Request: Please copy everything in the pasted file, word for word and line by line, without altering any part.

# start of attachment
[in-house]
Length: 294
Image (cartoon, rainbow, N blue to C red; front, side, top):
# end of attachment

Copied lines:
[in-house]
Length: 294
Image (cartoon, rainbow, N blue to C red; front, side, top):